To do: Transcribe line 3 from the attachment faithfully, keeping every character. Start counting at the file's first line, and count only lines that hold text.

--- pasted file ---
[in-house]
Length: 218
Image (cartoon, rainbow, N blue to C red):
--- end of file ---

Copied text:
Image (cartoon, rainbow, N blue to C red):